Human Rights violations and environmental damage in orange juice production
Study by SUPPLY CHAINGE Campaign uncovers deliberate infringements along European orange juice supply chains.

In 2013 the average European consumer drank 11 litres of orange juice per year, 80% of which is imported from Brazil. The study published today by Future Worlds Center, Christliche Initiative Romero e.V. (CIR, Germany) and GLOBAL 2000 (Austria) investigates the entire orange juice supply chain, extending from plantations in Brazil to European supermarkets. Being a first-hand investigation, the research uncovers precarious working conditions as well as presenting new insights into the devastating ecological impact of global orange juice production.

Annagrace Messa, from Future Worlds Center, summarizes the study: “The orange juice industry is doing very well economically and exporters are making abnormally high profits. These astronomical revenues however are obtained at the expense of working conditions on plantations and factories, as well as the environment. The study has found conditions of modern slavery in all stages of the Brazilian orange juice supply chain and their environmental impact is devastating.”

Researcher Sandra Dusch Silva of CIR gives an account of the findings on working conditions in Brazil: “Workers are yielding approximately 1,5 tons of oranges for an income of 10 Euro per day. There is no protection from the sun and the fruits are harvested by leaning simple ladders against the orange trees. Workers climb up and down these unstable ladders carrying up to 30 kg of oranges under great time pressure.”
“We demonstrated excessive usage of pesticides in Brazilian orange groves", states Martin Wildenberg, environmental protection expert at GLOBAL 2000. He continues: "This is particularly disappointing as the cultivation of oranges does very well without pesticides, which is demonstrated by organic citricultures around the world.”

Background information:
The orange juice industry in both Brazil and Europe is characterized by an enormous market concentration. Although 3 out of 5 glasses of orange juice come from Brazil, there are only three firms exporting orange juice to the world: Citrosucro, Cutrale and Luis Dreyfus. Europe is the most important export market. The other end of the supply chain is equally monopolized: Fewer and fewer trade chains dominate European markets. A key strategy of European retailers is private label production. Rather than buying and selling independent brands, supermarkets increasingly source and sell their own products. In Europe 66% of all orange juice is sold as store brands of supermarkets and discounters. The study shows, that supermarkets and discounters are not meeting their responsibilities for the supply chains of their products. “Since 2013 supermarkets promise to act, but up to now the conditions in Brazil have not improved”, says Sandra Dusch Silva, who has previously published a report on orange juice for CIR in 2013 and also directed the present study.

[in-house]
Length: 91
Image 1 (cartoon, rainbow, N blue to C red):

On October 07th and 08th, 2015, Antwerpen in Belgium is hosting the global Juice Summit, an industry wide conference. Unions and workers rights groups are not represented. “It is revealing that the global juice industry is discussing its future in absence of workers and their representatives.”, says Annagrace Messa.

Information for the editors:
The SUPPLY CHA!NGE campaign is a group of civil society organizations from across Europe and the Global South. Its main objective is to make supermarket store brands (sometimes known as ‘own brands’ or ‘private labels’) fairer and more sustainable. Compared with their enormous influence, the efforts of supermarkets to prevent human rights violations and to reduce the environmental damage along the supply chains of their products are extremely disappointing.

Accompanying the study the SUPPLY CHA!NGE campaign launches a Europe-wide petition, urging European supermarkets to implement social and ecological standards for the supply chains of their store brand production. The petition will be online at on October 8th, 2015.

Future Worlds Center
Future Worlds Center is a non-profit, non-governmental, independent organization that envisions and implements projects that aim at promoting the culture of coexistence, human rights, sustainable development and peace, using methods that are based on the latest technologies, the science of dialogic design and democratic dialogue. FWC mission is to enable and encourage people to rethink, reflect and resolve social challenges, at a local, European and global level. Our actions are situated exactly where social changes occur. FWC is an organization that its goals, methodologies and people are connected between them. All of FWC’s activities are implemented under its 4 main units: the Humanitarian Affairs Unit, the Global Education Unit, the New Media Lab Unit, and the Future Designs Unit.
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The Christliche Initiative Romero e.V.
The Christliche Initiative Romero e.V. (CIR) is fighting for workers and human rights in Central America and all of the Global South. Founded in 1981, it focusses on supporting grassroots initiatives and civil society organizations in Nicaragua, El Salvador, Guatemala and Honduras, as well as facilitating campaign and education work in Germany and the EU.

GLOBAL 2000 is an independent Austrian environmental organization. GLOBAL 2000 is a member of Friends of the Earth, the largest international network of environmental organizations.

For more information
Contact Future Worlds Center and Annagrace Messa, Coordinator for the campaign SUPPLY CHAINGE in Cyprus